Debunking the One-Size-Fits-All Gentrification Model

Not all gentrification is alike. New research show just how different gentrification is in St. Louis as compared to Seattle or San Francisco.
February 28, 2014, 7am PST | James Brasuell | @CasualBrasuell
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Prof. Todd Swanstrom shares news of his research with Hank Webber that complicates the conventional thinking about how gentrification moves through neighborhoods and cities.

“Most of the research on gentrification has been conducted in strong market metros, like Boston, San Francisco, and Seattle,” explains Prof. Swanstrom, so “Hank Webber (Washington University) and I recently conducted research on upwardly trending neighborhoods in the St. Louis metropolitan area. What we found does not fit the gentrification model.”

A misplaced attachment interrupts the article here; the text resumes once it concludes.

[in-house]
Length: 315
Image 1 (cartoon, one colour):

“We found that rebound neighborhoods in St. Louis come in many different types and no neighborhood fits the classic gentrification model well.”

Examples include:

  • “The suburb of Maplewood, for example, has modest brick-frame housing stock but it has revitalized by creating a funky pedestrian friendly retail street with a local brew pub as an anchor.”
  • “…Botanical Heights which has the world-famous Missouri Botanical Gardens as its anchor. One of the keys to revitalization here was the creation by activist parents of a public charter Montessori School.” 
  • And in Central West End, widely considered the most successful rebound neighborhood in St. Louis, “[the] area is still remarkably diverse both racially and economically – with large numbers of African Americans, Asians and poor people still living in the area.”
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Published on Monday, February 24, 2014 in Legacy Cities
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